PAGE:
fondue de chalet
Get the recipe for Fondue de Chalet ». Christopher Bagley
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Adapted from a Swiss cheesemaker’s recipe, this rich, milky fondue combines L’Etivaz—a fruity, floral, raw cow’s milk cheese—with heavy cream. Chunks of soft white bread are stirred right in, so it’s best eaten with spoons, rather than traditional fondue forks. L’Etivaz can be sourced from specialty cheese shops. If you can’t find L’Etivaz, substitute Gruyère instead.

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Pascal Guenat, the director of the L’Etivaz cheese cooperative and the region’s one-man cheese police, inspects a finished wheel.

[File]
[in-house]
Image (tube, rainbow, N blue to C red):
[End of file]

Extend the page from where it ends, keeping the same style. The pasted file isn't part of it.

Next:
Fondue de Chalet Swiss Cheese Fondue
This rich, milky fondue combines L'Etivaz—a fruity, floral, raw cow's milk cheese—with heavy cream. Chunks of soft white bread are stirred right in, so it's best eaten with spoons, rather than traditional fondue forks.
Yield: serves 2-4
Time: 10 minutes

Ingredients

  • 2 cups heavy cream
  • 7 oz. L’Etivaz cheese, grated
  • 7 cups pan de mie, or another sturdy white bread, cut into 1-inch cubes

Instructions

  1. In a medium saucepan over low heat, add the cream and cheese. Cook, stirring frequently, until the cheese is fully melted, 5–7 minutes. Gently stir in the bread. Serve immediately.

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